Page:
Sanjay Lutchman, a manufacturer of bottled water, said big retailers ask hefty payments before putting products of smaller retailers on shelves, which disadvantages smaller producers and hinders their ability to compete. He added when retailers eventually stock their goods, smaller producers usually have to pay a “kickback”, which is a payment reward to retailers.

“Big retailers want a percentage of our profits (or a kickback) at the end of the year. They want to see the number of sales and want me to reward them for stocking my products.”

“Despite having to pay for bottles, caps and labels to manufacture bottled water, big retailers don’t want to hear about our costs. They just want their kickbacks, which is 5% to 10% of our profits.”

Responding to challenges faced by small producers, the former CEO and now director of retailer Spar Wayne Hook said the group sourced 20% or R15 billion worth of its goods annually from local suppliers. In SA, Spar operates 823 grocery stores, of which 98% are owned by independent entrepreneurs.

Hook said the remaining 80% of the stock is sourced from the group’s distribution warehouses or drop shipments (store owners purchasing directly from manufacturers).

Hook added that most suppliers don’t have the capacity to supply its group, hence the 20% level of goods stocked from small producers. Spar is developing suppliers from a farming perspective, as it’s supporting “30 to 40” farmers that would supply its outlets, he said.

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Then all consumers should get used to seeing empty shelves every day with “out of stock notices” on the shelves because the small suppliers can produce every other Monday, Wednesday and then again maybe Tuesday next week. That is why the big four want suppliers who can produce a constant reliable supply of good quality products. But once again our leaders want a communist state where everybody is equally poor (except for the small elite of course).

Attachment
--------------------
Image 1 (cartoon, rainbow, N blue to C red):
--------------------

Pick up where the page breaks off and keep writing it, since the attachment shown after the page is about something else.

Give them a hand and they want an arm.

Agree with all comments. Another attempt by the authorities to interfere with free-market principles / business.

Then the (uneducated) will complain why suddenly the cost of groceries gone way up and too expensive (due to forced upon supply chain inefficiencies). And this will be from the people who can least afford more expensive groceries.

S’Africans got to let go off the “we want” notion. Who gave the largest 4 chains their supply chains?? (No sir, over the years they build it up for themselves, worked to make it happen in order to supply cheapest possible to the public. Everyone benefits..all creeds)
My challenge to small suppliers: come on, up your game and improve your efficiencies/reliability and am sure if you add better value to the chain, the large stores will notice the opportunity/value and will deal also with you instead. Learn how the large suppliers did it.

Due to Govt interference into SA business (red tape/ over-regulation) I wonder how much cheaper ALL S’Africans would pay for everyday things…anything that is produced here, from food to manufacturing to electricity other utilities / municipal etc etc.

Good for those retailers.

Having an unlimited variety of suppliers will obviously create additional costs for an industry already working on very small margins.

Once gain the %4@#20&&39eu) peeple in the world trying to tell highly sophisticated retailers how to do business. This from those that hold their hands out for a freebie at every opportunity.

End of comments.